6. 493 S.W.3d at 676.
7. Id. at 676–677.
8. 60 Tex. Sup. Ct. J. 224 (Jan. 20, 2017).
9. Because of our disposition of these issues, we need not reach Hersh's additional argument that the Tatums' action is barred by limitations.
10. TEX. CIV. PRAC. & REM. CODE § 27.002.
11. Id. § 27.003(a).
12. Id. § 27.001(3).
13. Id. § 27.001(7)(A).
14. Id. § 27.006(a).
15. Id. § 27.005(b)(1).
16. 433 S.W.3d 179 (Tex. App.—Dallas 2014, no pet.).
17. Id. at 188.
22. Id. Here is the court's entire analysis:On appeal, Pamela argues that since Michael denied sending the email, there can be no evidence the lawsuit was related to Michael's exercise of free speech and no chapter 27 basis [a reference to the Act] for dismissing the claim. We agree. Michael's motion to dismiss is premised on the notion that one purpose of chapter 27 is to ‘encourage and safeguard the constitutional rights of persons to speak freely.’ Given that he has denied sending the email, we conclude chapter 27 does not apply to this cause of action.Id. The court followed Pickens in this case and one other with no further analysis. See 493 S.W.3d at 683–684; Am. Heritage Capital, LP v. Gonzalez, 436 S.W.3d 865, 882 n.5 (Tex. App.—Dallas 2014, no pet.).
23. See Rauhauser v. McGibney, 508 S.W.3d 377, 385 (Tex. App.—Fort Worth 2014, no pet.) (“We agree that a defendant who denies making any communication may not obtain dismissal by also simultaneously claiming that he was exercising his right of free speech by making a communication.”); Culbertson v. Lykos, 790 F.3d 608, 632 (5th Cir. 2015) (“Though [Pickens, American Heritage, and Rauhauser] are not from the state's highest court, we conclude they are persuasive.”).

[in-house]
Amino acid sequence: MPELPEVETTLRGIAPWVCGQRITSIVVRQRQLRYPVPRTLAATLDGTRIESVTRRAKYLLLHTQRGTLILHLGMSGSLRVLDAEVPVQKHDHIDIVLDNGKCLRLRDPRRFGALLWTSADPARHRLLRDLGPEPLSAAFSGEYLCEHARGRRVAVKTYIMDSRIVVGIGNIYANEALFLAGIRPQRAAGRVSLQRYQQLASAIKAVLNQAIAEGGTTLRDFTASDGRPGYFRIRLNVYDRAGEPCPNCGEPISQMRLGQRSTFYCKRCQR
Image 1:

24. TEX. CIV. PRAC. & REM. CODE § 27.006(a) (emphasis added).
25. Stockyards Nat'l Bank v. Maples, 95 S.W.2d 1300, 1302 (Tex. 1936) (quoting Oakland Motor Car Co. v. Jones, 29 S.W.2d 861, 865 (Tex. Civ. App.—Eastland 1930, no writ)).
26. See In re Mem'l Hermann Hosp. Sys., 464 S.W.3d 686, 716 (Tex. 2015) (“To the extent possible, we will construe the different provisions in a way that harmonizes rather than conflicts.”).
27. Although the Tatums do not make this concession in their brief, their counsel repeatedly asserted at oral argument: “[W]hat Ms. Hersh could have done was simply offer the Tatums' pleading into evidence under [Texas Rule of Evidence] 801 as an admission by a party opponent and use that to satisfy her preponderance burden ․ I think you can prove your preponderance burden by utilizing an admission by a party opponent through their own pleadings. I think that would be satisfactory.”
28. TEX. CIV. PRAC. & REM. CODE § 27.005(b).
29. Id. § 27.001(3).
30. Id. § 27.005(b)(1).
31. Id. § 27.001(7).
32. Id. § 27.005(c).
33. Kroger Tex. Ltd. P'ship v. Suberu, 216 S.W.3d 788, 796 (Tex. 2006).
34. Id. (quoting Twyman v. Twyman, 855 S.W.2d 619, 621 (Tex. 1993)).
Nathan L. Hecht Chief Justice